The following was originally published at Working America's "Main Street" blog. 
What do I mean? Specifically, the U.S. private sector currently needs substantial, publicly-funded direct job-creation programs in order to get private employers to hire again on the scale needed to significantly reduce unemployment and promote a robust economic recovery.
It’s an argument that I don’t think has been made, at least not adequately, to help advance the debate in favor of large-scale stimulus to create jobs.
Part of the problem is the almost religious belief that the private sector, and only the private sector, can be the engine of job creation. As James Kwak  wrote recently, in a somewhat different context:
… the belief that the private sector is the answer to all our problems remains deeply rooted. One might even call it an ideology.
And the problem is exacerbated by policy makers who ostensibly grasp the need to do more to boost a weak and faltering economy, but undercut that message with utterances to the effect that ‘we’ve done enough’ and ‘government can only do so much’, as Treasury Secretary Tim Geithner did recently.  Now, Mr. Geithner is a smart man, who we’d hope doesn’t believe in magic . And he’s right, of course, that private investment is needed. But the fact is, it’s not happening .
Private businesses don’t hire more workers unless they need to or perceive they need to. And what is it that creates that need? Principally, an increase in demand for goods and services — and labor. There are certainly other important factors as well, including the flow of credit and incentives driven by competition. But none of those elements are working in favor of rates of private sector job growth that are anywhere near what’s needed to bring down unemployment in any meaningful measure.
Under anything approaching normal economic conditions, we could reasonably expect the private sector to generate a sustained growth rate without substantial new public stimulus. But we don’t have anything approaching normal economic conditions. Nearly 15 million workers are officially unemployed; record levels of long-term unemployment; severely depressed demand; huge excesses of productive capacity; reduced competition for goods, services and labor. And, as even conservative economist John Makin  of the American Enterprise Institute wrote recently, a banking system that’s dysfunctional in the face of a rising threat of deflation.
In fact, banks have virtually ceased to function as financial intermediaries since 2008, preferring to use the zero cost of money provided by the Fed to finance purchases of Treasury securities instead of supplying loans to households and small businesses. After a financial crisis, banks become much more risk averse, as is manifest in their willingness to lend only to the government instead of to households and businesses.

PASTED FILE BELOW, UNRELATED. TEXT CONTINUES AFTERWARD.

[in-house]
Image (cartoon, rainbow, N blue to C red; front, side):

We’ve been stuck in this kind of economic debacle before, of course, during the Great Depression. And so we know the kinds of things that can be done to rapidly bring down unemployment and generate growth that then leads the private sector into a recovery, that in turn allows fiscal deficits to be reduced.
After lambasting Geithner for what he calls the Treasury Secretary’s “Hoover impersonation”, Harold Evans  supplies a worthy analysis and then reminds us:
In the ’30s, Keynes recognized the risks so paralyzing Public Works Administration Chief Harold Ickes, who rightly worried that a quick public works program invited waste, inefficiency, and corruption. (Of the $3.3 billion authorized, Ickes had invested only $110 million in the first year.) With a hard winter coming in 1933-34, Keynes urged Ickes to balance those risks: “He must get across the crevasses before it is dark.”
Given some of Ickes’ money by an impatient FDR, Harry Hopkins pledged that his Civil Works Administration would put 2 million people to work within 10 days and 2 million more by end of two weeks afterward.
Impossible! He had no blueprints, no staff. So he did it. He hired private contractors who built more than 450 airfields, built or improved half a million miles of city streets and feeder roads, scores of miles of sewers, hundreds of parks and swimming pools. Hopkins subsequently took charge of the Works Progress Administration, a rival to Ickes agency, with a then-massive budget of $5 billion.
His energy and vision left an enduring legacy—650 miles of roads, 78,000 bridges including the mammoth bridges spanning the San Francisco Bay, the Florida Keys, and New York’s East and Harlem Rivers, a host of levees, floodways and dams to harness the Mississippi, the Hoover Dam, the massive Grand Coulee and Bonneville Dams, the electrified Penn railroad, some 40,000 new schools and 2,500 new hospitals. There is not a city in the United States that does not have a landmark of those years.
Altogether Hopkins created more than 8 million jobs; the equivalent today would be more than 20 million jobs.
Large-scale public investments that directly create jobs — and lots of them — are what is needed now to generate the increased demand for goods, services and labor that will stimulate private sector growth, investment and employment.
The private sector needs a public jobs stimulus.
I’ll be coming back to this point from different angles in upcoming posts. But for now we need to ask: without it, what will happen? Paul Krugman warns  of permanently high unemployment. His post , which is brief and worth reading in its entirety, concludes:
The point is that while policy makers may think they’re being prudent and appropriately cautious in their responses to unemployment, there’s a good chance that they’re prudenting and cautiousing us into a long-term jobs catastrophe.
The author is the winner of the 2010 CREDO Mobile/Netroots Nation award for Blog Activist of the Year